Regulars at south Laguna beaches are noticing what they’re calling a relatively new phenomenon, believed to be borne of urban encroachment: a slow build-up of sand on beaches that’s covering fragile tidepools and curtailing desirable side-swell breaks for wave riders.
Charles “Tex” Haines, a 40-year skimboarder and founder of the Victoria Skimboard company, says beaches are beginning to drown in sand. The extra sediment is doubling the width of some beaches, he said. It’s traveling with water run-off in the now constantly flowing Aliso Creek from upstream communities such as Aliso Viejo and Laguna Niguel onto local beaches and into the Pacific Ocean.
Other nearby cities, such as Newport Beach, are paying millions to dredge up and import sand for waning sandy shores, which threatens to undermine the tourist trade and upset beachfront property owners. But beaches south of Aliso Creek are getting way too much of the sedimentary silt, said Haines.
Some experts concur that Haines’s conclusion, based on anecdotal evidence rather than scientific findings, could be occurring, but others see no evidence of a problem.
The north end of Thousand Steps Beach in South Laguna, “is 100-plus yards wide and I don’t remember it ever being more than 50 when I was growing up, ever,” emphasized Haines, whose company sponsors The Vic, the 37-year-old skimboarding contest at Aliso Beach adjacent to Aliso Creek.
When south Orange County was largely rural without water-dependent lawns and parks, the amount of sandy sediment hitting Aliso Beach would be naturally redistributed by coastal currents, explained Mark Adelson, a senior environmental scientist with the California Regional Water-Quality Control Board.
“With the current scheme of things, where there is perennial flow and sediment delivery,” he said, “it may be that the sediment delivery is now occurring in such a way that there is more sand coming down the system than can be redistributed.”
Once a farming area, the canyon-like seven-mile long Aliso Creek watershed encompassed a riparian stream that flowed only with rainfall and storm water from the Santa Ana Mountains. With the housing development boom there starting in the 1970’s, subsequent increased water run-off and elevated groundwater levels from landscape irrigation, the stream now during every season, rainy or dry.
“What was once a rural stream that only flowed occasionally in response to storm run-off from the mountains, you now have a system that’s running year-round,” said Adelson. “So, it’s behaving differently than it did in its pre-development condition.
“That certainly could wind up changing the nature of near-shore sandbars, it certainly could result in sufficient volumes of sand to actually raise the mouth of the creek such that any tidepools that might be in the area then get covered with sand. That’s a scenario that makes a lot more sense.”
If more sediment is being deposited due to increased run-off from urbanization, the answer, said both Adelson and Haines, is to go back in time to recreate a more natural flow environment.
“We need to learn how to undo some of the damage that we created,” said Adelson, who cites recent work on the Napa River to curtail sediment generated by farming. “Those agricultural practices unintentionally resulted in discharges of lots of sediment that was subsequently washed down the river where it settled out at San Francisco Bay.” The fix, he said, was to show farmers how to keep sediment out of the river and to restore its natural flow and function.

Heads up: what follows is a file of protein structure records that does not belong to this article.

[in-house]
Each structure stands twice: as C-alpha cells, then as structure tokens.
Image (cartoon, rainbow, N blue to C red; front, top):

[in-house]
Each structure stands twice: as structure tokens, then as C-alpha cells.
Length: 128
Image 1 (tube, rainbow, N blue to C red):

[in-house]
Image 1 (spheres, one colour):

Haines suggests a series of rock jetties upstream that would trap and slow water, allowing it to seep underground, which would filter and clean the water as well.
His hasn’t been the first proposal.
Multiple studies and plans to tame the watershed have surfaced and submerged over the years. The most recent $43-million SUPER (Stabilization, Utility Protection, Environmental Restoration) project, proposed in 2006, sunk without federal funding. At the time, the developer Athens Group was credited with quiet lobbying of federal officials to clear hurdles and coalesce consensus among local entities. Athens and its partners, which planned to redevelop Aliso Creek Inn and Golf Course, recently sold their interest.
Susan Brodeur, senior engineer with Orange County Parks in charge of outlet maintenance such as Aliso Creek, said her department has been bulldozing a waterway from the pond at the mouth of the creek to the ocean for the past 15 years. That’s the same length of time it’s taken for the build-up of sand on south Laguna beaches, contends Haines.
Brodeur said the bulldozing occurs on an as-needed basis to safeguard beachgoers and homeowners from a meandering or rapidly flowing stream and has happened only once so far this year. “Because of urban run-off, the flow upstream needs to be managed now because of more population,” she said.
It was the first time Brodeur said she’s heard that there’s too much sand on any local beach. “The residents at Aliso get so nervous about the beach receding,” she said. “That’s the more common complaint.” She said studies would be needed to provide evidence of the slow build-up of sand. “It’s not like there’s increased flow lately that’s pumping sedimentation,” she said. “It’s a matter of seasonal beach fluctuations that are natural. I don’t think there’s been any study that Aliso Beach is gaining width.”
Haines realizes the poor timing of his plea. “It’s the worst possible time for me to bring this up,” he said. “It’s been a nonstop south swell all summer,” which has carved sand from south-facing beaches and restored the side wave at Thousand Steps. “So I have mud on my face and no one’s going to believe me.”
But it’s temporary, Haines argues, due to seasonal wave surges from storms in Mexico that are eroding sand from local beaches. “Certainly this kind of surf all summer long is not our normal pattern,” he said.